In 1864, 'Enoch Arden and Other Poems' had sold around 17,000 copies on the very first day of its publication.

Tennyson made a good relation with Queen Victoria, who found solace in reading 'In Memoriam' following the death of her better half, Prince Albert, in 1861. In 1867, Tennyson purchased a property in Surrey, where he would construct another home, Aldworth, that offered more security.

Alfred lord Tennyson started studying at Trinity College, Cambridge

Alfred Tennyson's Literary Career

The most famous poems by Alfred Lord Tennyson included 'The Charge of the Light Brigade' and 'Intersection the Bar.'

His more extended works are remembered in the collection of 'In Memoriam,' enlivened by his despondency over the passing of a friend and 'Idylls of the King' because of Arthurian legend. In 1842 Tennyson published poems, in two volumes, one containing a revised version from the volumes of 1830 and 1832, the other consisting of his new 'Poems.'

The new poems included 'Morte d'Arthur,' 'The Two Voices,' 'Locksley Hall,' and 'The Vision of Sin.'

The other poems uncover a peculiar gullibility, for example, 'The May Queen,' 'Woman Clara Vere de Vere,' and 'The Lord of Burleigh.' Tennyson was awarded by the head of the state, Sir Robert Peel, an annuity of £200 to ease the financial problems he was facing during that time.

In 1847, he published his initially long poem, 'The Princess,' and the poem's theme peculiarly had a fantasia of anti-feminism.

In 1874 Alfred Lord Tennyson chose to take a shot at poetic drama.

The appearance of Queen Mary marked the year 1875, and an abbreviated adaptation was produced at the Lyceum in 1876 with just moderate achievement. It was trailed by Harold published in 1877, Becket published in 1884, and 'The Village Tragedy,' The Promise of May, which wasn't successful at the Globe Theatre in November 1882.

This play, his main writing work, shows Tennyson's developing sorrow and disdain at the age's strict, moral, and political inclinations.

He had effectively created some uproar by publishing a poem called 'Depression' in November 1881. A more certain sign of Tennyson's later convictions shows up in 'The Ancient Sage,' published in Tiresias and Other Poems in 1885.

Here the poet records his implications of life previously and past this life.

Tennyson was a quintessential lovely poet, combining and refining the customs passed on to him by his archetypes in the Romantic development—particularly William Wordsworth, Lord Byron, and John Keats.

While the consideration of this extraordinary human situation in some cases evoked his fears and premonitions, it additionally gave him a more extensive imaginative reach than the majority of the poets of his time.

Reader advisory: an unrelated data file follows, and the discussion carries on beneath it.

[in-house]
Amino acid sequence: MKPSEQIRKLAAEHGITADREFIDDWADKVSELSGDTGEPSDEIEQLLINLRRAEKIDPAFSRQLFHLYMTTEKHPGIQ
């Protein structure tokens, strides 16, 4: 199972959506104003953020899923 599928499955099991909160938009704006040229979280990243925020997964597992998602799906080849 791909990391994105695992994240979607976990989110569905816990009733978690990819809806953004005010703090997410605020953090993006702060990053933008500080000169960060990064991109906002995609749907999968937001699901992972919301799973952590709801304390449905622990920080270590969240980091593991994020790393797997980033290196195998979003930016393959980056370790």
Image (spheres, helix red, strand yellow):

It added a more noteworthy depth and reverberation to his poetry.

Education And First Publication

In 1815, Alfred Tennyson and two of his brothers, Charles and Frederick, were sent to Louth Grammar School and Tennyson was miserable in the school because he was often bullied. He left the school in 1820.

He got into Trinity College, Cambridge, in 1827, but due to his father's untimely demise and the burden of the financial crisis, he left the college without taking the degree.

When Alfred was not even 18 years old, his first volume of a poem, 'Poems by Two Brothers' (1827), was published. Alfred Tennyson composed a significant piece of the volume, even though it also contained Tennyson's brothers, Frederick and Charles.

It is a momentous book for such a young writer, showing incredible virtuosity of versification and the extravagance of symbolism that was to stamp his later works, a large number of which came from his readings in his father's library.

At first, not many copies were sold; only two brief reviews were published. However, its publication affirmed Tennyson's assurance to dedicate his life to poetry.

Here at Kidadl, we have carefully created many interesting family-friendly facts for everyone to enjoy! If you liked our suggestions for Alfred Lord Tennyson facts, then why not take a look at Amelia Earhart biography or Alexander Hamilton biography?

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Written by Christian Mba

Bachelor of Science specializing in Computer Science

Christian Mba picture

Christian MbaBachelor of Science specializing in Computer Science

Christian Mba is an experienced blogger and content writer with over a decade of experience. He holds a Bachelor of Science degree in Computer Science from Nigeria and has a keen interest in Python programming. Along with his writing and blogging expertise, he is also an SEO specialist with more than six years of experience. Chris, as he is commonly known, has a passion for music and enjoys playing the piano.